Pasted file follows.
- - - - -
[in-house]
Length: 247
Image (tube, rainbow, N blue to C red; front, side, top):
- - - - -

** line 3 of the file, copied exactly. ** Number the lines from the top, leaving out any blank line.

Image (tube, rainbow, N blue to C red; front, side, top):